Playdates with God: Spring Forward


We are all a little grumpy this morning, feeling the full effect of springing forward. One son in particular was very vocal in his displeasure at the early rising.

“The time change gets us all out of sorts,” I said, by way of reassurance. It was a kind of, “Hey, we’re all in this together” sort of offering. But he refused to be comforted, grousing about more than an hour’s loss of sleep, dumping out all the stuff of life that is wrong right now.

“Next year,” I said, “ you won’t remember any of this. This too shall pass.” And I put my hands on his shoulders and looked up into his eyes.

This is how I spring forward: Keep the Bigger Story in mind. I’ve been reciting 2 Corinthians 4:16-18 to myself lately. Keeping those words like a banner before me. These are light and momentary struggles, I say to myself. What is unseen is eternal, I go on. And my soul responds with a heavy sigh, a deep surrender. Living into a thing is part of the discernment process. Sometimes that means living through some bumps in the road.

This morning, I read these words from Thomas a Kempis:

Many love Christ as long as they encounter no hardship; many praise and bless him as long as they receive some comfort from him. But if Jesus hides himself and leaves them for a while, they either start complaining or become dejected. Those, on the contrary, who love him for his own sake and not for any comfort of their own, praise him both in trial and anguish of heart as well as in the bliss of consolation … Where can we find anyone who is willing to serve God for nothing? It is surely rare to find a person spiritual enough to strip himself of all earthly things? And where can we find anyone so truly poor in spirit that he is free from being dependent on created things? Such a person is worth far more than the jewels brought from the most distant lands.”

Last week, the snow fell in heaping mounds around us. School was cancelled and we stayed home from work. But today? The world continues her slow melt. There is evidence of spring everywhere. God is working in this broken world. God is working in me. God is working in you. For our light and momentary troubles are achieving for us an eternal glory that far outweighs them all. Time creates a lovely patina that cannot be achieved any other way—not bought, not earned, not crafted with my hands. But faith is this, sticking through the hard times because of what we know is on the other side. We fix our eyes not on what is seen, but on what is unseen. For what is seen is temporary, but what is unseen is eternal.

*Winners! The winners of the two copies of Dawn Camp’s beautiful new devotional The Beauty of Grace are Kristin Smith and Michelle Cain! Congratulation, friends, I’ll be in touch.

god is working

Every Monday I’ll be sharing one of my Playdates with God. I would love to hear about yours. It can be anything: outside, quiet time. Maybe it’s solitary. Maybe it’s loud and crowded. Just find Him. Be with Him. Grab my button at the bottom of the page and join us:

Laura Boggess


  1. says

    I felt a bit like a grumpy child this morning myself. The rainy day isn’t helping, but I’m trying to surrender to the rhythm of the rain rather than the dreariness of the day. I look forward to the wealth of wildflowers it will spawn, just as I look forward to our inheritance together in heaven. Springing forward with JOY, with you, Laura. Have a blessed week!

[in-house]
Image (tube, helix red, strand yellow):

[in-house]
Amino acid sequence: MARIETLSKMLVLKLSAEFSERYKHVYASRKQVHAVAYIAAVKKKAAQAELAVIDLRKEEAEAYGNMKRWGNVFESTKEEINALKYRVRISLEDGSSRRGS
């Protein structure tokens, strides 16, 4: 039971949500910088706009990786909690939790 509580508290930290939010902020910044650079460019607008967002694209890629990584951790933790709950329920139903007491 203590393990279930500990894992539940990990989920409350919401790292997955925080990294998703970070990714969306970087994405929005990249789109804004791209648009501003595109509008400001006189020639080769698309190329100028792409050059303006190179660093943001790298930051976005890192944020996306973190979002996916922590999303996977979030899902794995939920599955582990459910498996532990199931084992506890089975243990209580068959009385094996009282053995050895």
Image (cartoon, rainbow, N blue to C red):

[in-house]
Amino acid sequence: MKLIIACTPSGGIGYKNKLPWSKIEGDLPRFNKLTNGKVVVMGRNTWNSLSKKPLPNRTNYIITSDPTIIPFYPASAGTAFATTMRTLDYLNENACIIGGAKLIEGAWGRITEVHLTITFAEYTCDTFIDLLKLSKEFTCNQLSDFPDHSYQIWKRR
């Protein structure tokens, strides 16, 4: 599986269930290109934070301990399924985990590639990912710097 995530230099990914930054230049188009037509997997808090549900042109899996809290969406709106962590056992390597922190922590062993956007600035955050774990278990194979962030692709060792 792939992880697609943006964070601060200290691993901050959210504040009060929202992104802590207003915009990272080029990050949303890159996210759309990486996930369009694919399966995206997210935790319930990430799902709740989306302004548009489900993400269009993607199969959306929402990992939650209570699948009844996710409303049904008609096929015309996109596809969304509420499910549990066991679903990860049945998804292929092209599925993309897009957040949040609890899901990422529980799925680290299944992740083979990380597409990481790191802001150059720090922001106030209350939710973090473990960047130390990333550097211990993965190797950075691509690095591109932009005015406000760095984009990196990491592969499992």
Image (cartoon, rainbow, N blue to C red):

2. says

    Yes, Gos is, indeed, working in this broken world and in each of His beloved children.

    I’ve been really excited, this year, at the time change…so looking forward to having more daylight hours for outdoor activities after work!

    I must admit, though, my enthusiasm was a little dampened Monday morning, as I geared up to feed animals in the dark in the pouring rain…and as I dealt with our teenage son’s reluctance to get ready for school.

    Thank you, Laura, for these encouraging words!

  3. says

    Your blog is proof that Monday’s are not throw-away days – but something beautiful! Learning myself and teaching my boys that right now is not where we’ll end up, not what our lives are defined by. They so don’t want to receive is sometimes, but I believe it sinks down – not easy – but it does. Mondays with God, Laura and Thomas a Kempis – that’s a good start to my week! Shalom!

  4. says

    I love the buttercups. I love Thomas a Kempis’s words. I love your words, Laura: “This is how I spring forward: Keep the Bigger Story in mind.” Yes. I want to do the same. The bigger story doesn’t change.

  5. says

    ” . . . looked up into his eyes.” That’s not lost on me. You’re shrinking. 🙂

    It would do us all good to look up into His eyes on these grumpy days, in these broken days. Love you!

  6. says

    This photo takes my breath away! Praise God for seasons, that the promise of spring lies beneath the snowy carpet of winter. Thanks for the beautiful post & for hosting & God bless!

  7. says

    Thomas a Kempis is one of my favorites and I love this quote. My son, he is a morning person, was so proud of himself for remembering daylight savings time, however, he set his clock an hour behind. 🙂 So, he really had to adapt to the time change.

    You are right, though. If we look at our circumstances in light of their transient present, we would be able to praise God in both the trial and the joy w/o hesitation!

  8. says

    I welcome this time change…but it would be sooo nice if it was on a Friday afternoon at 4pm. 🙂 The snow melt has begun here in Michigan, too. I can’t wait to see new life popping up from the hard, brown ground. And i love how you say, “Momentary troubles are achieving for us an eternal glory”…yes!


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